Purpose: To assess the visual acuity outcome after treatment, in patients with differing types of uveitis associated with sarcoidosis, and to determine the types of sight-threatening complications.
Methods: This was an retrospective, non-comparative, interventional study of patients who had uveitis with a confirmed diagnosis of sarcoidosis and a minimum follow-up duration of 6 months from presentation. The worst affected eye at presentation was selected for the study. Complications causing impaired vision were documented, changes in visual acuity after completion of treatment were measured, and the risk of 'poor outcome' (visual acuity 6/12 and less) was compared in the various types of uveitis, using 'exact' multiple logistic regression to control confounding by other prognostic factors.
Results: Seventy-five patients were studied. The spectrum of ocular inflammation in sarcoidosis is wide. Presentation may be acute and non-granulomatous or chronic and granulomatous with posterior segment involvement being varied. Poor visual outcome was significantly more frequent in multifocal choroiditis (5/7, 71.4%), and in panuveitis without multifocal choroiditis (13/28, 46.4%), compared to only 3/24 (12.5%) patients with anterior uveitis. The excess risks remained significant after adjustment for confounding effects of other prognostic factors including age, sex and manifest systemic sarcoidosis. Causes of visual loss were cataract, glaucoma, macular oedema, vitreous haemorrhage and retinal detachment.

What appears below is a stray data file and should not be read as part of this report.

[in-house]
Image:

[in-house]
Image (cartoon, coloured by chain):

Conclusion: Multifocal choroiditis is a less common manifestation of uveitis associated with sarcoidosis but appears to be associated with a worse visual prognosis despite immunosuppressive therapy.